The language that nature uses, how do we touch it, know it? It surely exists on a plane that some access readily, but most humans aren’t close enough to understand.
I love this time lapse video showing the loveliness of mushrooms sprouting from the forest floor, their umbrellas unfurling majestically. It speaks to me, but the language is clearer, louder when I’m the forest itself, listening…. listening.
I love these words from other languages that can’t be translated in a single word to English. They each evoke a deep feeling and connection – not a mental abstract. They speak of our intimate and interrelated chemistry with Nature… our partnership, rapport and love.
I found these words on a blog called “Mother Tongues” and the Tenalach Irish word mentioned on a Facebook page called “Discover the Forest”.
Tenalach (Irish): used to describe a relationship one has with the land, air and water, a deep connection that allows one to literally hear the Earth sing.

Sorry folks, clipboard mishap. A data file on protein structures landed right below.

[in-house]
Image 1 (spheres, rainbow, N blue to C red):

Komorebi (Japanese): The scattered, dappled light effect when sunlight shines through tree leaves.
Gökotta (Swedish): To wake up early in the morning with the purpose of going outside to hear the first birds of spring sing.
Aloha aina (Hawaiian): This phrase means “love of the land.” Hawaiians are the land, in the sense that the land provides food, water, clothing, and shelter. Showing care for the land, while visiting, is a wonderful way to show care and respect to the people of Hawaii.
Dadirri (Aboriginal Australian): An ancient word that combines contemplation, deep inner listening, and quiet still awareness of creation and the Creator, Dadirri is like a crystal clear water hole that calls us to be replenished and revitalized. To embody Dadirri, is to be at peace with yourself, with others, in nature, and with the Creator. Be patient with yourself, with your neighbor, and wait upon the seasons. Become aware of the sacredness that surrounds you. Hear creation breathe and follow her rhythm.